# Making torque calculation from spring specifications

• pete
In summary, the conversation discusses the use of a counterbalance weight and the specifications of a constant torque motor. The speaker is attempting to calculate the force needed for the counterbalance using the diameter of the torque output drum and the torque value provided. They also mention using a barrel with a cable wound around it to achieve the desired counterbalance weight. However, they are unsure if their calculations are correct and seek further assistance on a physics forum.
pete
I was thinking about making a kind of counterbalance weight. So I was looking this spring to make a constant torque motor.

https://www.ondrives.com/sr119

They come in many sizes but to take this one as an example it's listed as 6.18N (63kg) at the top of the page. At a glance considering the size of the spring, this seems like a very small number in N and a very large one in Kg.

My maths is not too good so I spent some time looking up how to get this from the specifications and this is my attempt.

This is the bit I’m hoping someone can look at and tell me if I’m doing this right. I took the diameter of the Torque output drum-D3 and divided it to get R - 87mm so 8.7cm. Changed it to meters so .087m then divided by the Torque 6.18 to get 71 N force.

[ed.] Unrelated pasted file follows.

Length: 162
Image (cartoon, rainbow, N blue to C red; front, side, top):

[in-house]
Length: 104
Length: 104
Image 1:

So a barrel with a cable wound around it of the same diameter as D3 will give me roughly 7Kg counterbalance over the specified range of the spring (Dimension L) 12.8 meters.

This still seems low but then I have calculated for a barrel of 17cm diameter. Once you get down to an output shaft of around 15-20mm diameter it would be around the 63kg point.

How did I do?

I moved this question over to the Physics forum. "Trying to do the equations for a spring"

## 1. How do you calculate torque from spring specifications?

To calculate torque from spring specifications, you will need to know the spring constant (k) and the distance from the center of the spring to the point where the torque is being applied (r). The formula for torque is T = k * r. Simply plug in the values for k and r and you will have your torque calculation.

## 2. What units are used for torque and spring specifications?

Torque is typically measured in Newton-meters (N*m) or foot-pounds (ft-lb), while spring specifications are usually given in units of force per distance, such as Newtons per meter (N/m) or pounds per inch (lb/in).

## 3. Can torque be calculated for any type of spring?

Yes, torque can be calculated for any type of spring as long as you have the necessary specifications, such as the spring constant and distance from the center of the spring to the point where the torque is being applied.

## 4. What factors can affect torque calculations from spring specifications?

The main factors that can affect torque calculations from spring specifications include the material and shape of the spring, the amount of compression or extension of the spring, and any external forces or loads acting on the spring.

## 5. How accurate are torque calculations from spring specifications?

The accuracy of torque calculations from spring specifications will depend on the accuracy of the given specifications and the assumptions made in the calculation. It is important to use precise measurements and take into account any external factors that may affect the torque calculation.

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